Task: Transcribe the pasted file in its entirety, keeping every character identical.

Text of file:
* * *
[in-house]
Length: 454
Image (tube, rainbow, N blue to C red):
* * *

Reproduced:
[in-house]
Length: 454
Image (tube, rainbow, N blue to C red):